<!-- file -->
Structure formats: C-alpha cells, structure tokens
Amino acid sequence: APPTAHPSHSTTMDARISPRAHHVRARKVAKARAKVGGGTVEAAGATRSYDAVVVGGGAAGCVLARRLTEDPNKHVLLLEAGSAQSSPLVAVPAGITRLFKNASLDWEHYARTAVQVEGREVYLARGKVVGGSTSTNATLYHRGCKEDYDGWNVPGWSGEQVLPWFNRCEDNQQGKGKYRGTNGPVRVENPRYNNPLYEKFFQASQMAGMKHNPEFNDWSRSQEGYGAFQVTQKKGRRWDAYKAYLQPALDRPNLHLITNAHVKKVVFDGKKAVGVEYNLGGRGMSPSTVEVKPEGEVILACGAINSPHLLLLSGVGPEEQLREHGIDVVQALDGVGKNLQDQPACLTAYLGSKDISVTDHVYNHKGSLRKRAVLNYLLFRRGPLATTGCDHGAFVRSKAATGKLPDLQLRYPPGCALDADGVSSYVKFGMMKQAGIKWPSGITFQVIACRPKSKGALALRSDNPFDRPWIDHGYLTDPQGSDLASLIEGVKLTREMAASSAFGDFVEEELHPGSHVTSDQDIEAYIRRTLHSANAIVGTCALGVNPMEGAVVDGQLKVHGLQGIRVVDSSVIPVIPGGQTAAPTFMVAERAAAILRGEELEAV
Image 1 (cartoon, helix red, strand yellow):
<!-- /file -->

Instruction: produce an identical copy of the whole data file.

Structure formats: C-alpha cells, structure tokens
Amino acid sequence: APPTAHPSHSTTMDARISPRAHHVRARKVAKARAKVGGGTVEAAGATRSYDAVVVGGGAAGCVLARRLTEDPNKHVLLLEAGSAQSSPLVAVPAGITRLFKNASLDWEHYARTAVQVEGREVYLARGKVVGGSTSTNATLYHRGCKEDYDGWNVPGWSGEQVLPWFNRCEDNQQGKGKYRGTNGPVRVENPRYNNPLYEKFFQASQMAGMKHNPEFNDWSRSQEGYGAFQVTQKKGRRWDAYKAYLQPALDRPNLHLITNAHVKKVVFDGKKAVGVEYNLGGRGMSPSTVEVKPEGEVILACGAINSPHLLLLSGVGPEEQLREHGIDVVQALDGVGKNLQDQPACLTAYLGSKDISVTDHVYNHKGSLRKRAVLNYLLFRRGPLATTGCDHGAFVRSKAATGKLPDLQLRYPPGCALDADGVSSYVKFGMMKQAGIKWPSGITFQVIACRPKSKGALALRSDNPFDRPWIDHGYLTDPQGSDLASLIEGVKLTREMAASSAFGDFVEEELHPGSHVTSDQDIEAYIRRTLHSANAIVGTCALGVNPMEGAVVDGQLKVHGLQGIRVVDSSVIPVIPGGQTAAPTFMVAERAAAILRGEELEAV
Image 1 (cartoon, helix red, strand yellow):